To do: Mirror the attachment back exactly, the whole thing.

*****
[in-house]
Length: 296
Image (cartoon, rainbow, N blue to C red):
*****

[in-house]
Length: 296
Image (cartoon, rainbow, N blue to C red):